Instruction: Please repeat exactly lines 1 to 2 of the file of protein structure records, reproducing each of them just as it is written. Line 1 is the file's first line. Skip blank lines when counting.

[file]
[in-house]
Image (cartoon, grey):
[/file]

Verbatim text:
[in-house]
Image (cartoon, grey):